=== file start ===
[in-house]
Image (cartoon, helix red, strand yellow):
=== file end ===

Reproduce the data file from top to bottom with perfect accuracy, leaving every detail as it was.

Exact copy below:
[in-house]
Image (cartoon, helix red, strand yellow):